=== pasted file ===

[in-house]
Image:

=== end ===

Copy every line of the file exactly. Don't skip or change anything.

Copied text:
[in-house]
Image: